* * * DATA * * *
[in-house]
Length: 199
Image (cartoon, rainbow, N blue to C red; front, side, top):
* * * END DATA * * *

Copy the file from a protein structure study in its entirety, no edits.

[in-house]
Length: 199
Image (cartoon, rainbow, N blue to C red; front, side, top):